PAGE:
Time Signatures: Measures of Tomorrow’s Musicians - Will Langlie-Miletich

Jul 16, 2015

The upright bass is big, heavy and often times inconvenient. But under a tall tree, next to a pond, Will Langlie-Miletich doesn’t seem to mind any of that.


Will comes from what would be an unconventional background in comparison to many of his peers at the school. His parents were fans of Bruce Springsteen. The Boss. He began playing the guitar in the third grade.

“No one in my family is a musician so the kind of music I was exposed to was Bruce Springsteen, Neil Young, especially Crosby, Stills, Nash and Young. That was kind of my first musical exposure was to those kinds of more popular groups.”

It’s Will’s first year in Aspen. He grew up in Seattle, just north of the University of Washington. He says that the mountains in Aspen remind him a bit of home, but now he is in the mountains, rather than next to them.


In middle school, Will’s music teacher suggested that he make the switch to the bass while playing classical music with his school band. Not too much later, he would discover jazz.


“I remember in sixth grade, one of the first jazz and classical artists I fell in love with was Wes Montgomery, the great jazz guitarist.”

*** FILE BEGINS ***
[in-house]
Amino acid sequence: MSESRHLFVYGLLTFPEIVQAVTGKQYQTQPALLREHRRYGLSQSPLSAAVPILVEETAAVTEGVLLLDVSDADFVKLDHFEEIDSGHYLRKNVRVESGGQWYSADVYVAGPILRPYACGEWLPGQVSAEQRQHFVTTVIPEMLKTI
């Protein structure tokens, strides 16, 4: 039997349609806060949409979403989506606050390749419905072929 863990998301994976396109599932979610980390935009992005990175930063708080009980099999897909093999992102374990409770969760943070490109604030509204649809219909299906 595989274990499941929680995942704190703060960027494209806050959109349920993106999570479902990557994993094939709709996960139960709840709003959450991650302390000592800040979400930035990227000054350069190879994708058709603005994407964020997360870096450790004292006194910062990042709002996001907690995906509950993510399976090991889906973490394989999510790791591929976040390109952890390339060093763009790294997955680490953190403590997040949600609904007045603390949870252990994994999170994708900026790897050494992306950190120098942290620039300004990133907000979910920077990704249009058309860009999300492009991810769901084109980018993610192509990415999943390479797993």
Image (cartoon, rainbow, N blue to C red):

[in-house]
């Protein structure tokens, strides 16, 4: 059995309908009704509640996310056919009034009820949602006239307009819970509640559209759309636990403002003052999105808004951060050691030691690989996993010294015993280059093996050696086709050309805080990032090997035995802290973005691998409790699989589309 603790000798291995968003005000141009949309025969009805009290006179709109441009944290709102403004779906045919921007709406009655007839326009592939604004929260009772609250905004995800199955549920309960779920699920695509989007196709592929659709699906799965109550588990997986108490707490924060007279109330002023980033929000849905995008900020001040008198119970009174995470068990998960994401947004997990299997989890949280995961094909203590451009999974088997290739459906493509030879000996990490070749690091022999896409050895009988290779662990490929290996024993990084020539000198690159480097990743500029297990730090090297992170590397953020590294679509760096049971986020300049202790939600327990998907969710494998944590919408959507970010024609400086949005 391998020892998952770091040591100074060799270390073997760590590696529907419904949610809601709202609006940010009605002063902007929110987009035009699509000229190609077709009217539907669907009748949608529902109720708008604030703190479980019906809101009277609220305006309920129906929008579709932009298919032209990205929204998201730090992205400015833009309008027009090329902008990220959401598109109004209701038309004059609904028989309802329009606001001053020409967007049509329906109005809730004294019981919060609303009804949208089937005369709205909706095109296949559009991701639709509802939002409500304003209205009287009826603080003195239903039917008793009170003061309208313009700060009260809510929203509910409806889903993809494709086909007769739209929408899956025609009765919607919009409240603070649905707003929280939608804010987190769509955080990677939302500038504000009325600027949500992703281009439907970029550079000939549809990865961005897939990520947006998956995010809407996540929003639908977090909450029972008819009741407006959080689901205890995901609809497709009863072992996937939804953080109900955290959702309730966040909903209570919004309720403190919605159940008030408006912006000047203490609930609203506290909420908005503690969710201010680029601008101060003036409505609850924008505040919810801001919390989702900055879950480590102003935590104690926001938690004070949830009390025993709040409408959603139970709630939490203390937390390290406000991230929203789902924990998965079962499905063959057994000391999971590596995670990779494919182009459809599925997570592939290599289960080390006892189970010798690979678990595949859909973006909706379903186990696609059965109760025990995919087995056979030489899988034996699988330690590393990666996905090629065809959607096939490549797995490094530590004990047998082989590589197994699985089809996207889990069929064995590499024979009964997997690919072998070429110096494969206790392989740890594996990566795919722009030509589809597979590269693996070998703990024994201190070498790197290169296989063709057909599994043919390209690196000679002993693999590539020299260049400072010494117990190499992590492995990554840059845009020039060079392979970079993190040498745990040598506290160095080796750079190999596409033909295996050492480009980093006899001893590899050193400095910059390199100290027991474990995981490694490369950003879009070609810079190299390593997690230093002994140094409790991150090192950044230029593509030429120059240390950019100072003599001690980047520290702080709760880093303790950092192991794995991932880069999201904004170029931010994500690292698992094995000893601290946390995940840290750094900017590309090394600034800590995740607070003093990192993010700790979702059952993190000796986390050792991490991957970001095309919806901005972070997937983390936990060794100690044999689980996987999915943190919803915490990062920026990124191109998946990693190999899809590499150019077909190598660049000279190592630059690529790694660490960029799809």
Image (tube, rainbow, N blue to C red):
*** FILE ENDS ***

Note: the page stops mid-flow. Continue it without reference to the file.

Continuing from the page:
Will is an avid Seattle sports fan, and lover of new-wave French cinema from the ‘60s.

And as Will’s tastes evolved, his playing evolved. Shortly after discovering jazz, he discovered classical music through Tchaikovsky. Early on in high school, he continued to play the guitar in his jazz ensemble, and his bass in the classical group. But soon, he would go to the bass full-time. Now he plays jazz and classical equally.


“Then, gradually throughout high school, the guitar stayed in its case, and the bass came out of its case more. I think around my junior year of high school I just decided to focus on bass exclusively and not even think about guitar.”


The 18-year-old bass man studies at the Curtis Institute of Music in Philadelphia. Will says that he thinks that being able to play jazz and classical music gives him an advantage over some of his peers. The pure creativity and and improvisation of jazz allows him to add some flare to his classical playing.


“I think what the jazz does - improvising - it really helps that spontaneous element to my classical playing.